“I am not afraid,” she spoke to the black, faceless form of her enemy.  Its shadow shrunk before the light and stepped back toward the wall.

         “I banish you in The Maker’s Name!”

         Selah placed the torch in a metal bracket and unsheathed her sword.  Its crystalline blade blazed brighter than fire, sunlight through ice, cutting through the frigid darkness.  The dungeonwraith crouched like an animal before it.

I did not hear Edd walk through the open doorway behind me, so focused was I on my newest book.

“I told you not to go on the Internet,” he said.  “I saw the red light on the phone upstairs.”

My fingers paused mid-stanza, and all the music waited in interlude.  Selah still held her sword, turning her face toward me for directions.

I swung my chair around and saw Edd standing against the white wall.  He was six feet tall and nearly 300 pounds, his reddish beard laced with gray like steel, his blue eyes glowering like a wolf’s.  Without another sound he took three steps toward me, grabbed the computer from the desk, held it high in the air, and smashed it against the wall.

One.  Two.  Three times the plastic and metal container that held all my lovely words hit the white wall.

All the music stopped.  Selah disappeared.  I screamed and jumped up from the chair to try and stop him, knowing it was too late.  I could only stand there and stare at the white computer on the floor, its metal twisted into an acute angle, its keyboard a thin rubber skin hanging loosely from metal components, its once-bright monitor black and cracked in jagged glass from edge to edge.

Jessica and Jonathan, awakened from childhood’s dreams, appeared in the doorway.

“Mom, are you alright?” Jonathan asked.  “I thought you were being . . .”  He saw the broken computer, stepped toward me, and gave me a child’s hug.

When he pulled away, he looked up, his dark blue irises around wide pupils, his elvish eyebrows and high cheeks beautiful beneath his curly golden hair.  Jessica, three years older and quieter, stepped toward the telephone to call for help, but her father’s stare stopped her.  Auburn locks fell on the shoulders of her rose-patterned nightgown, and her lighter blue eyes seemed feverishly vivid against her white skin, lips, and the pink birthmark on her left cheek, shaped like a baby’s hand.  She put down the phone receiver, walked toward me, and stood silently there.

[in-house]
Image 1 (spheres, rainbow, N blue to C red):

“I’m OK,” I said, my voice too calm.

“I told her not to go on the Internet so late,” Edd stated, as if smashing a computer was the usual punishment for such a violation.

“I just checked my email,” I replied, the words sounding hollow.  “I didn’t even realize I was still connected, as I was writing Selah.”  In reality, I thought Edd had fallen asleep on the upstairs sofa and would not see the light on the telephone.

“You JUST.  You JUST do everything I tell you not to.”

Edd took a step toward me, and Jonathan bravely stood between us, small and thin in his plaid pajamas.  He didn’t say a word, but Edd stopped.

“Go back to bed,” the man commanded.  He was not an alcoholic.  He became drunk only on rage.  His eyes, beneath thick brows, swept over me like a final blow, and he turned and left the room.  I held the children who ran into my arms.  I would put them back to bed, talk to them, pray with them, try to assure them it was safe to sleep.  But before I left my bedroom for theirs, I bent down to touch the three marks upon the wall.

I kneeled above the broken computer but did not touch it.

All those lost words, all those beautiful words . . .

“At least he did not throw you against the wall,” Jonathan whispered.

Oh, but he did, I almost said.

“It’s like when Jo’s angry sister burned all the pages of her story in the novel Little Women,” Jessica observed (a true homeschooler).  “And the ashes blackened her hands.”

She picked up the laptop and handed it to me.  The metal cut my finger, and one red drop lingered on the “S” key.

Three a.m. and the house full of screaming.  Again.  It had been two years since Edd smashed my computer at midnight.  Why had I not left him?  Because I could see no clear way out, was still waiting for permission, and it was easier to take some pills and go to bed . . .  And, worst of all, part of me felt like I deserved such punishment.

I sat on the very edge of the tapestry sofa, staring at the rose pattern.  Fuschia petals wove together with mint leaves and taupe stems.  Beautiful.  I brushed my hand across the thick, woven material, then clasped my other hand again in my lap, assuming the position–prepared to flee.  All I had to do was stand and run for the stairs and the door . . .

“Are you listening?” he yelled, lunging toward me, his hand raised.

He wants to hit me again, I whispered in my mind, as if the words could become a wall against his rage.  His anger was more than just sound in air; it was a malevolent spirit I could not understand, and worse than him actually striking me was the threat of it.

How could I NOT hear you?  I wanted to shout–but only meekly replied,


“Do you understand?” he pursued, lowering his hand a little.

That question I could not answer.  I could never really understand why he had to yell at me.  Was it some great fault of mine?  Was I not selfless enough, dedicated enough?  I had never been unfaithful to him.  I cooked, I cleaned the house, I shopped for all we needed, I homeschooled the children, taking them to figure skating lessons, music class, drama productions, and science expeditions.  Yet there were the pills . . .